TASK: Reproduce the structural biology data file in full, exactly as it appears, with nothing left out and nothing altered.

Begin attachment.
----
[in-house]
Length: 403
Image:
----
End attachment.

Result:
[in-house]
Length: 403
Image: